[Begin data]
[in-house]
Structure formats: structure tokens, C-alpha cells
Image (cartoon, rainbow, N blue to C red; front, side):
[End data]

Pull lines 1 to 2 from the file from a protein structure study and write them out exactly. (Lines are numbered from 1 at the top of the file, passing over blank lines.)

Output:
[in-house]
Structure formats: structure tokens, C-alpha cells